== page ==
As a true freshman in 2013, Christian Hackenberg was "pushed into the pool, but was a damn good swimmer," as one observer put it. Obviously it's no secret to anyone in the conference and probably the college football world, considering he was Big Ten Freshman of the Year, going 231 of 392 for 2,955 yards, with 20 touchdowns and 10 interceptions. However, only a sophomore-to-be, and under the direction of a new coaching staff, we figured it made sense to get an initial assessment on his progress this spring.
Hackenberg's added about 14 pounds this off-season, carrying 234 pounds on his 6-foot-4 frame. "He's stronger and the weight is a byproduct of that." He's bigger, stronger, "more confident and commanding" of Penn State's offense.
Grasp: Hackenberg "looks increasingly comfortable running the offense. He's learning a lot of new playbook, but it's built around his skill set." He's reportedly picked up the bulk of the changes in Franklin's scheme "quickly and effectively." Franklin has been very up front about tailoring his offense to the skills of his starting QB — not the other way around — and that has definitely been the case so far, which has helped Hackenberg quickly transition.
Passing: Hackenberg's passing has been "very sharp at different levels." He's getting better "leading his receivers" and "realizes where his receivers helped him out largely last season, he now needs to do the same for the young receivers now."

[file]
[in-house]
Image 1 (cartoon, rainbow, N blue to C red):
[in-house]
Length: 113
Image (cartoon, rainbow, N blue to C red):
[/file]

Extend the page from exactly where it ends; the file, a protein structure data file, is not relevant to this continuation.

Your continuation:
Focus: He's been working on refining his play with game elements on play-action, check-downs, roll-outs and even jump passes, "trying to smooth it all out." Ricky Rahne is said to be very impressed with his "skill set and coach-ability."
Leadership: Hackenberg has also been praised as a strong leader on offense, despite still technically being a true freshman (remember, he enrolled last summer). That is obviously important because QB is a natural position of leadership. "He's one of your natural go-to guys on and off the field." This is a trait the Franklin regime strongly desires in their quarterbacks. "They want guys under center who take control and build confidence in the rest of the team." Another strong sign of this is him working with the younger QGs like Michael O'Connor, Austin Whipple and D.J. Crook. "He reviews technique and things they need to do in situations."
Impact: "Hack will have to shoulder more of the load to get the receivers to where they need to be, but he's really working with them," according to one observer. There's little doubt or concern with his abilities to "take charge" or "command the offense," and is obviously viewed and "huge weapon for the offense."